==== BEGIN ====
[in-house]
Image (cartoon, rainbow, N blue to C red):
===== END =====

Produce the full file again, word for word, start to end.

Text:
[in-house]
Image (cartoon, rainbow, N blue to C red):